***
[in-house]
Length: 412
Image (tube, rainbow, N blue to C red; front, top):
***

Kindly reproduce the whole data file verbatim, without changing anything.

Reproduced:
[in-house]
Length: 412
Image (tube, rainbow, N blue to C red; front, top):